I hope you are still well, still distancing and yet still somehow enjoying life as it is.  For us it is getting a little boring I must say.  I have about had it with virtual tea and cocktail parties; museum trips where I pace the photos alone; reading the many options for an 11th plague, and how best to fill the virtual seder plate.  I am conducting serious research on handwashing and hope to connect it to refugees, hunger, the motzi, and fear of all things evil.  Including pandemics during Passover.

Passover has never been my favorite Jewish holiday…so much cleaning, worrying about things like crumbs that really should have been obliterated months ago thanks to the invention of the vacuum cleaner, and then later the dust buster.  The idea of selling all those accumulated crumbs has to be just another way to separate people from their money.  I think we have many legitimate reasons to give tzedakah and do not need to lower ourselves to see our own crumbs swept up in the dark with a feather… God knows where they may have been.  Yech if you get my drift!

So, I like the idea this year of a national movement to perhaps do less on Passover.  Just say the 4 kashers, spill a few drops of wine and then indulge in the age-old Jewish mantra of  “Let’s Eat.” 

Pico Blvd. is still pretty quiet and actually few autos are fighting over parking spaces.  Many bakeries have Order Your Passover Cakes NOW signs, and most unfortunately there are many homeless and their accoutrements back on bus benches and in front of stores and shops.  I would suggest Wednesday morning would not be a good time to be on Pico.

Passover ignites certain memories for me.  For example my grandfather gave his cigar ring (paper, but colorful) to the grandchild who found the Afikomen.  Decades later I realized what a paltry prize that cigar ring was.  After dinner the men stayed at the table while the women cleared and went in the kitchen to smoke and clean the dishes.  My grandmother stayed at the table where they brought out the chips, cards and played serious poker until the wee hours of the morning.  We, the original seven grandchildren, watched TV, then proceeded to argue and fight usually until someone (yes you guessed it, me) started crying and we were sent to bed.  The next day was like any other day except my grandma made matzah meal pancakes for breakfast for all the kids.

I believe the blockbuster movie The Ten Commandments came out around that time and for most of my growing-up years I truly believed Charlton Heston was Moses.  It won Best Picture at the Oscars in 1957 and Special Effects which makes perfect sense… I can still see Heston throwing down the first set of ten commandments expressing rage and anger at the poor Israelites who doubted his return and built graven images during the long wait.  In June of 1998 when Heston became President of the NRA loving guns I decided with great certainty he was never a Moses I could believe in.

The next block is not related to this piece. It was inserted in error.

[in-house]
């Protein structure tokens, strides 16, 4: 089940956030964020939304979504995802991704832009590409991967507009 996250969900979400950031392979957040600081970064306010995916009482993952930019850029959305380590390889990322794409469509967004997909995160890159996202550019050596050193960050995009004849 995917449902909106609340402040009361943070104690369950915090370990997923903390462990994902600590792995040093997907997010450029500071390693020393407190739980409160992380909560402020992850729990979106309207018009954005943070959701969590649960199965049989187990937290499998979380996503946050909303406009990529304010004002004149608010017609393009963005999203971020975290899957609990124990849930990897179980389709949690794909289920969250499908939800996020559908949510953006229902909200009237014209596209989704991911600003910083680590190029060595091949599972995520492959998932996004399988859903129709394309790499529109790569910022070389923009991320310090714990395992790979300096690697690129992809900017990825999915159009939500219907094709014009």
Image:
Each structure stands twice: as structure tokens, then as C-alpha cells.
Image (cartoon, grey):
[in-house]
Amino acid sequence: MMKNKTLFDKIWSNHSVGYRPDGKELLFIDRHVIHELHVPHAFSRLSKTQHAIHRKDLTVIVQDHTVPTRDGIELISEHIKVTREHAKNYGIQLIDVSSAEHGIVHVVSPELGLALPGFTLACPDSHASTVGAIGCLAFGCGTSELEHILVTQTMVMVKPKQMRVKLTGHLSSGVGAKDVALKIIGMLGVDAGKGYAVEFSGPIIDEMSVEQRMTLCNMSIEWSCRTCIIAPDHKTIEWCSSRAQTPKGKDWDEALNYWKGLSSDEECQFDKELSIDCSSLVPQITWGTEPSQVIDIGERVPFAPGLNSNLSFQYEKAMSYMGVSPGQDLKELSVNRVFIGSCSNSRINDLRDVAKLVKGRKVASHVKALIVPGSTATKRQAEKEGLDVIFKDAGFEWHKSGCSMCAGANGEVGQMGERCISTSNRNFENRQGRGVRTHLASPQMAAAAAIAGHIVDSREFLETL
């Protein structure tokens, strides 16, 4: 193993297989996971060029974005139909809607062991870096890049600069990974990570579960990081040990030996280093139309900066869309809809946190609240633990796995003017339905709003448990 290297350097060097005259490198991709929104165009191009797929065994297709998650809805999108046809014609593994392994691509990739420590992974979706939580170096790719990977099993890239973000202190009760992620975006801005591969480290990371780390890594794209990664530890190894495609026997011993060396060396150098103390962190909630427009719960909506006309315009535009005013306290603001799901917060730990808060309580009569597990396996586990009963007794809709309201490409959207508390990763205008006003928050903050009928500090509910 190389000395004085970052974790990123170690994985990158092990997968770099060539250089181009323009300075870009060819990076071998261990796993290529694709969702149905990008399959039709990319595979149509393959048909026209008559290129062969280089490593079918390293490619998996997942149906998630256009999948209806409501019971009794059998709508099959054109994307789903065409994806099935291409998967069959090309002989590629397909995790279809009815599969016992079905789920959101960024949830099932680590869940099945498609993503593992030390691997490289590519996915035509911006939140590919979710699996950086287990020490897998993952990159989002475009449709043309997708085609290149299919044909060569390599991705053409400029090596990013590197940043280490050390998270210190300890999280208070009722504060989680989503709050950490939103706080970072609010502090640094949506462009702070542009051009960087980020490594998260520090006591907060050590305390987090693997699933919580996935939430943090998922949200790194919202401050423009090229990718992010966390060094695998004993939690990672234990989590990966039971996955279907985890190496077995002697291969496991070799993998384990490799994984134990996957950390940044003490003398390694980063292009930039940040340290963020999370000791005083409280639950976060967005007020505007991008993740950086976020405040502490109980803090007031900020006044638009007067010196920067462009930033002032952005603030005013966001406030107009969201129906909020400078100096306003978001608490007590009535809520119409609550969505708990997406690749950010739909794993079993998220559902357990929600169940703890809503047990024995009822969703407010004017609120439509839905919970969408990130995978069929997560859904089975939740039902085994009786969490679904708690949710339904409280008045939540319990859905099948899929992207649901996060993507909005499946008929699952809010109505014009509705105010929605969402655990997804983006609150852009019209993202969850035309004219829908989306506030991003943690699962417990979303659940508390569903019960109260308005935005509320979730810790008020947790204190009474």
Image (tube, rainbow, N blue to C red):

I have a trove of Passover experiences which I shall not bore you with.  During my days living in an orthodox community I felt a lot of misery about the amount of work women had to do to clean and prepare for this 8-day festival which in addition to expressing freedom was also set to relish spring and sunny skies.  (It’s been cool, rainy and overcast in LA since the isolation.)  I envied families who locked up their homes and chametz and went to fancy hotels where they were served, and no clean-up was required.  Many of my women friends had band aids on their feet from standing and cleaning and cooking; I felt generally oppressed.  This year we will flip onto ZOOM, say the prayers, hear the story, sing the songs and make the infamous matzah sandwich; then we will eat on our own.  Sounds sad and lonely.  Then the next night we will do it again.  Then 6 days of matzah brie, matzah balls, and kugel galore and the fancy cakes if you ordered them and paid the $36 for them.  Then it is done, over, and the next morning you can go back to artisan breads from fancy bakeries and throw away all the unused matzah.  BUT the vacuuming the crumbs, the ones you got rid of 8 days ago and sold to the rebbe with the longest beard will again be in every nook and cranny in your house.

I wish you a healthy holiday and hope for together next year in Jerusalem.  

Thank you Sherri, for your story! “Inside Our Time” digital series: